FOR IMMEDIATE RELEASE
August 8, 2010
MAYOR BLOOMBERG DISCUSSES NEW INNOVATIONS THAT HELP NEW YORK CITY SAVE LIVES AND CLEAN UP THE ENVIRONMENT IN WEEKLY RADIO ADDRESS
The following is the text of Mayor Bloomberg's weekly radio address as prepared for delivery on 1010 WINS News Radio for Sunday, August 8, 2010
"Good Morning. This is Mayor Mike Bloomberg.
"With so many New Yorkers still struggling to find jobs, we're working hard to pull our City through these difficult economic times. One way is to keep finding new and innovative ways to improve the quality-of-life that attracts people to live here and businesses to expand here. Last week, we unveiled two gold star examples of what I'm talking about.
"The first is a new life-saving medical procedure we're applying in cases of cardiac arrest - the sudden and potentially fatal loss of heart function. These are emergencies in which every second counts. And now New York City's paramedics are trained and equipped to start what's called "hypothermia therapy" while they're transporting patients to the hospital. It involves lowering a patient's body temperature in order to reduce possible brain cell damage and prevent lasting physical or neurological harm. It's a procedure that has already increased the survival rate of cardiac arrest patients in emergency rooms by 20 percent. Now that paramedics are able to start this treatment themselves, we expect it to save the lives, and improve the quality-of-life, of hundreds more New Yorkers every year.
"Last week we also took a big step toward unlocking thousands of acres of currently unusable land across the City, and making it economically productive again. These sites are called 'brownfields' - areas contaminated often many years ago, by industrial debris or other pollutants. Cleaning up the City's brownfields is a major goal of the PlaNYC environmental agenda we unveiled on Earth Day in 2007.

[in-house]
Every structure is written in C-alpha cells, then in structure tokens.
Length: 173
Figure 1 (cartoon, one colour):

"Now we're making it possible for landowners to clean up brownfields under the nation's first City-run program of its kind. That's a win for neighborhoods long pock-marked by vacant, blighted eyesores that bring down property values and safety. It's also good news for our economy. For too long, the threat of future legal liability has often discouraged developers from cleaning up brownfields, even though they had no role in polluting these areas in the first place. But by acting responsibly and meeting City clean-up standards, they can now reduce their legal liability. That will give developers the confidence they need to make investments and go forward with projects that will create the housing, open spaces, and jobs that our growing city needs.
"A key part of the City's new brownfields program is an agreement we signed last week with State Environmental Conservation Commissioner Pete Grannis. While State officials will continue to oversee clean-ups of the most heavily polluted brownfields in the five boroughs, the City will now supervise clean-ups of less contaminated sites under regulations that conform to the State's high standards. We've worked closely with the State to develop this brownfield clean-up program. That's just the kind of City-State cooperation that makes especially good sense in an era of reduced government resources, and it's going to help us keep New York's economic recovery on track.
"This is Mayor Mike Bloomberg. Thanks for listening."
Stu Loeser (212) 788-2958
Listen to the radio address